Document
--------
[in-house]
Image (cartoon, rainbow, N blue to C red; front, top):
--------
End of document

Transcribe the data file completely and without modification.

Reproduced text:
[in-house]
Image (cartoon, rainbow, N blue to C red; front, top):